Technical Skills Are Great, but Communication and Curiosity Are Better

Kyle Galbraith on April 11, 2019

Emily Freeman posted this thread on Twitter not long ago. Emily Freeman @editingemily LISTEN TO THIS MAN. You can teach someone a skill. It... [Read Full]
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Been in the industry all my adult life. Technology is not strongly correlated with project success at all. You should of course use the right technology for the right job, but the best predictor of project success is team health and effective honest communication.

I did not understand this in my early career, but later was taught the importance of effective teamwork and honest communication. You can have two projects that are very similar, with similar technologies and similar skill sets, but wildly different outcomes caused by differences in teamwork.

When we talk about communication it isn't just speaking and listening, it is the wider culture of open discussions, respect for each other, treating everyone equally and valuing everyones views.

Too often prima-dona developers have so much invested in their reputation they actively undermine effective communication and teamwork. They do things like pull apart the work of other developers in code reviews and become possessive over their patch of code. A real professional is enthusiastic about mentoring less experienced developers, about leading by example, by being open when they make mistakes.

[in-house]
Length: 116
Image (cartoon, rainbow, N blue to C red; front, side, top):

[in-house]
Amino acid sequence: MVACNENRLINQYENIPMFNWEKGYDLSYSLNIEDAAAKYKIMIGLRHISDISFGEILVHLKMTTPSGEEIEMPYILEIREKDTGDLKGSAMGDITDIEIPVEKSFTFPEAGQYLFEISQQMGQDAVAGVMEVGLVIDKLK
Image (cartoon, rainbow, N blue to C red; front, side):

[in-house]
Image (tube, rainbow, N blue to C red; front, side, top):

There is so much more to communication than simply communicating.

 

In our own hiring process recently, our company also looked a lot at how curiosity and communication work with the applicant. This consists of:

  • Ask what recent development articles they've read and what they learned
  • Ask about recent side-projects they did to see if they're exploring new ideas and tech
  • Pair programming on a coding task, focusing less on the solution reached and more on how they work with others to get there
  • Having them talk 1-1 with most of the team to ensure there's no deal-breaking friction

They all boil down to making sure the applicant is curious and communicates well. This structure hasn't let us down so far!

 

Awesome post totally agree with this article.

I would always focus on the soft skills aspect of the developer.

If the developer is not able to communicate well it or generally being human it might be red flag for me.

 

Awesome write up. I appreciate you shared this with us.

 

My CEO is always reminded of the importance of communication

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